Two sets of users are allowed to perform administrative functions for Windows SharePoint Services: members of the administrators group for the local server computer and members of the SharePoint administrators group. The SharePoint administrators group is a domain group that is registered with Windows SharePoint Services. The SharePoint administrative group is not created by default. The user who installs Windows SharePoint Services can create this group during installation, and it can contain a domain group, local user, or domain user.

Members of this domain group can perform Central Administration tasks without having to be given administrator rights to the local server computer. This is particularly useful in a server farm, because you can grant rights across the server farm rather than individually for each computer in the server farm. This is also useful for applications that call the administrative object model for Windows SharePoint Services. If the application process can be configured to run as a member of the SharePoint administrators group, it can create new sites, modify quota values for sites, and so on.

There are some operations that members of the local administrator’s group can perform that members of the SharePoint administrator’s group cannot perform. These tasks include:

  • Configuring the SharePoint Central Administration virtual server

  • Enabling full-text search

  • Extending virtual servers in Windows SharePoint Services

  • Managing content databases (i.e., changing properties, etc.)

  • Managing paths (inclusions/exclusions)

  • Running the stsadm.exe command-line utility

  • Setting the configuration database properties

  • Setting the default content database server

  • Setting the SharePoint Administration Group

  • Removing Windows SharePoint Services from a virtual server

User Account Mode

When you install Windows SharePoint Services, you must choose which mode you want to use to allow users access to Windows SharePoint Services sites. Windows SharePoint Services can work with two modes: domain account mode and Active Directory account creation mode. Domain account mode is used inside organizations to grant access to users that have existing Windows domain accounts. Active Directory account creation mode can be used by Internet service providers to create unique accounts for customers using the Active Directory directory service.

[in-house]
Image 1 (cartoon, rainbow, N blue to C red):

In domain account mode, you use existing domain user accounts. If you choose Active Directory account creation mode, you are choosing to have accounts automatically created in the Active Directory organizational unit you specify. In either mode, you use the same methods to manage users of a site. You add them to the site by using their existing domain or Active Directory accounts, and then assign them to site groups to give them the rights they need to use the site.

The choice between user account modes is a one-time-only choice because it affects how the configuration database for your server or server farm is created. You cannot change user account modes after creating the configuration database, and this step is one of the first choices made during installation when using Microsoft SQL Server. If Windows Microsoft SQL Server 2000 Desktop Engine (WMSDE) is used, the account creation mode is set to domain account mode and cannot be changed.

In a Windows 2000 or Windows Server 2003 domain, Windows SharePoint Services can use Active Directory account creation mode. In a Windows NT domain, the domain account mode is needed.

Controlling Access to Sites

Windows SharePoint Services provides the ability to control site access through the use of site groups. Site groups let you specify which of your users can perform specific actions in your site. For example, a user who is a member of the Contributor site group can add content to Windows SharePoint Services lists, such as the Task list, or a document library.